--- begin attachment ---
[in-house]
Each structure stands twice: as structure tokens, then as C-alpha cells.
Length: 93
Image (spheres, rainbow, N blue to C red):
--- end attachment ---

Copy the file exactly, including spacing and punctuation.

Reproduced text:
[in-house]
Each structure stands twice: as structure tokens, then as C-alpha cells.
Length: 93
Image (spheres, rainbow, N blue to C red):